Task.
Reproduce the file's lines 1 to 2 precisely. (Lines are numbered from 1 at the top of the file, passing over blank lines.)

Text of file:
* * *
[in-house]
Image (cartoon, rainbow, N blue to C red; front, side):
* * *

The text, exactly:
[in-house]
Image (cartoon, rainbow, N blue to C red; front, side):